ARAB 583 - (3) (Y)
Topics in Arabic Prose

Prerequisite: ARAB 302/502, or equivalent, or permission of instructor
Emphasis on reading modern Arabic prose, and writing descriptive and narrative short essays.

ARAB 584 - (3) (Y)
Topics in Arabic Prose

Prerequisite: ARAB 583, or permission of instructor
Exposure to selected reading material in modern Arabic prose, and writing of short essays, summaries, and descriptive pieces in Arabic.

ARAB 585 - (3) (Y)
Media Arabic

Prerequisite: ARAB 583 and ARAB 584 or ARAB 301/501 and ARAB 302/502 or permission of instructor
Examination of electronic (television and radio) and print (newspapers, magazines, periodic publications) Arabic.

ARAB 586 - (3) (Y)
Nineteenth Century Arabic Prose

Prerequisite: ARAB 583 and ARAB 584 or permission of instructor
Examination of Arabic writing in the 19th century, a period of renaissance in the Arabic language.

ARTR 329/529 - (3) (Y)
Modern Arabic Literature in Translation

Introduction to the development and themes of modern Arabic literature (poetry, short stories, novels and plays). Taught in English.

ARTR 339 - (3) (Y)
Love, Alienation, and Politics in Contemporary Arabic Novel

Introduction to the Arabic Novel with emphasis on a medium for expounding political issues of the Arab World.

Chinese

CHIN 101, 102 - (4) (Y)
Elementary Chinese

Prerequisite for CHIN 102: CHIN 101
Using modular materials, the course covers the basic necessities of daily communication: speaking, comprehending, and writing modern standard Chinese. Course is tape-based, modular in design, and fosters individualized learning. The goal is the ability to communicate in everyday situations.

CHIN 180 - (1-3) (SI)
Chinese Calligraphy

Introduction to the history, masters, styles and techniques of Chinese brush calligraphy. Enhances familiarity with use of brush and ink; active and passive differentiation of styles and techniques; and appreciation of Chinese Calligraphy as an art form.

CHIN 201, 202 - (4) (Y)
Intermediate Chinese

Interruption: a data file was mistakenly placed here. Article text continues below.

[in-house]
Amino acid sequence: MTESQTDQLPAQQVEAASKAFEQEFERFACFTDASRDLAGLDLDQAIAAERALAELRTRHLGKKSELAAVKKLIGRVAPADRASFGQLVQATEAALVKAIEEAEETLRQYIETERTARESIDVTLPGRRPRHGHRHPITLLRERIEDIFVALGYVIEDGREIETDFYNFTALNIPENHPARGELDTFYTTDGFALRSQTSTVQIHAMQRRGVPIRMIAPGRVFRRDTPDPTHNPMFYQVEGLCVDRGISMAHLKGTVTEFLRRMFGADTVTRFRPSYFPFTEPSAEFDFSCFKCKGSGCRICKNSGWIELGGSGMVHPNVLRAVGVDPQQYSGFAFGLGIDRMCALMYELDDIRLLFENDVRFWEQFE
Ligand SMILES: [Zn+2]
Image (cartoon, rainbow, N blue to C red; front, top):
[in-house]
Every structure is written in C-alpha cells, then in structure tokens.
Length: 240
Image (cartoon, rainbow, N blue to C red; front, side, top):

Prerequisite: CHIN 102, or equivalent, or permission of instructor
Continued training in speaking, reading, and writing standard modern Chinese, to gain further familiarity with the culture and society. The same series of modular materials is used.

CHIN 301/501, 302/502 - (3) (Y)
Readings in Modern Chinese Literature

Prerequisite: CHIN 202, or equivalent, or permission of instructor
Study of modern Chinese at the advanced level: reading and discussion in Chinese of various aspects of Chinese culture, society, and literature, using radio broadcasts and selections from newspapers, recent essays, short stories, etc.

CHIN 323/523- (3) (Y)
Chinese Conversation and Composition (in Chinese)

Prerequisite: CHIN 302 or equivalent, or permission of instructor
Focuses on developing writing and speaking skills at a higher level than CHIN 302.

CHIN 324/524 - (3) (Y)
Advanced Chinese Conversation and Composition (in Chinese)

Prerequisite: CHIN 323/523 or equivalent, or permission of instructor
Further develops writing and speaking skills to an advanced level.

CHIN 493, 494 - (1-3) (Y)
Independent Study in Chinese

CHIN 528 - (3) (Y)
History of the Chinese Language (in Chinese)

Prerequisite: CHIN 323/523 or equivalent, or permission of instructor
Examination of the evolution of the spoken and written language, diachronically and synchronically, from syntactic, phonological, lexical, and graphic perspectives.

CHIN 581, 582 - (3) (Y)
Media Chinese

Prerequisite: CHIN 302/502 or equivalent, or permission of instructor
Introduces the electronic and print media in Chinese with special emphasis on current events as reported in the Chinese speaking world, to further develop oral and written proficiency.

CHIN 583, 584 - (3) (Y)
Introduction to Classical Chinese

Prerequisite for CHIN 584: CHIN 583 or equivalent, or permission of instructor
Introduction to the grammar and structure of classical Chinese.

CHIN 585, 586 - (3) (SI)
Classical Chinese Literature

Prerequisite: CHIN 583, 584 or equivalent
Advanced readings in classical Chinese.

CHTR 321, 322 - (3) (Y)
Chinese Literature in Translation

Study of the literary heritage of China. Examines the major genres through selected readings of representative authors. Taught in English.

Hindi

HIND 101, 102 - (4) (Y)
Elementary Hindi-Urdu

Prerequisite for HIND 102: HIND 101